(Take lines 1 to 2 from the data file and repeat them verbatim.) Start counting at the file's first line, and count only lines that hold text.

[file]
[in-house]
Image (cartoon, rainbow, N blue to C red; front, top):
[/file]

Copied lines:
[in-house]
Image (cartoon, rainbow, N blue to C red; front, top):